W hen it comes to some actors’ careers, there often appears a moment in which that star ‘came of age’ on the silver screen. For Andrew Garfield, it seems that this transformation from cinematic novice to Hollywood stalwart can be attributed to two epic productions: Mel Gibson’s Hacksaw Ridge – documenting the outstanding efforts of the first conscientious objector to be awarded the Medal of Honour – and Martin Scorsese’s thoughtful tour de force Silence, following the plight of two Jesuit priests who risk capture and torture as they attempt to find their mentor in 17th– century Japan.
It’s a far cry from the fresh-faced actor who in 2015 had the planned third instalment to his well-received iteration as Spider-Man abruptly cancelled by Sony, with the role transferring to teenager Tom Holland. For a less talented actor, an ejection from a popular film franchise may well have spelled the end to a career or the beginning of a new one elsewhere, but in Garfield’s case the loss of such a recognisable role – and the potential pigeonholing this kind of publicity often incurs – proved to be a blessing in disguise.
“I can’t believe how things worked out the way they have,” the 33-year-old agrees. “I feel very lucky and very grateful to have been able to work with these two master filmmakers. What’s ironic is that after my experience on Spider-Man I made a list of directors whom I would like to work with and two of those names were Martin Scorsese and Mel Gibson. I’m very aware of how rare these opportunities are.”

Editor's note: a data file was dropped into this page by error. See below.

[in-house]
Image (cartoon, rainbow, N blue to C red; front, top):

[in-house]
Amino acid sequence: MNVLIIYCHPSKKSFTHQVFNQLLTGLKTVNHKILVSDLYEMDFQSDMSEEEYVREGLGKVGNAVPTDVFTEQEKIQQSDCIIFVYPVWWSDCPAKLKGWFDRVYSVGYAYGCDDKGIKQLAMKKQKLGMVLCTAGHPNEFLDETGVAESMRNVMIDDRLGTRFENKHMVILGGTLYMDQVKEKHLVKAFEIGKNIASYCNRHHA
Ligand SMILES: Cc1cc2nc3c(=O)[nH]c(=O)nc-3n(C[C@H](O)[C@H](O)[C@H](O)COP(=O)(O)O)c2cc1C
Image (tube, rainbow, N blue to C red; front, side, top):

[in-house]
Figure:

For his part, Garfield is grasping such opportunities with both hands. His performance as Private Desmond T. Doss in Hacksaw Ridge has attracted widespread critical acclaim, an irony perhaps when you consider the courageous man he is portraying – a man who, despite saving over 75 lives in one of World War Two’s most brutal and uncompromising arenas, never strove for personal glory or exaltation.
“His beliefs forbade him to take the life of another man, yet he still wanted to commit himself to an important cause and found his own way to do that,” says Garfield. “Doss is an outstanding role model, a man who stood by his principles and became a hero even though he never thought of himself as one. He found his own way to be himself even though he was under intense pressure to become someone else.
“He was also never interested in honours and awards. He felt he was merely doing his duty, like many ordinary people whose actions are rarely acknowledged and who never become celebrities. That’s why for a very long period he never wanted his story told or to be glorified in any way.”
Unwaivering belief and selfless action